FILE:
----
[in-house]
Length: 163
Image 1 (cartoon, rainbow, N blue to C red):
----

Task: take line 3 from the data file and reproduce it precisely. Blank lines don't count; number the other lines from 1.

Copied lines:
Image 1 (cartoon, rainbow, N blue to C red):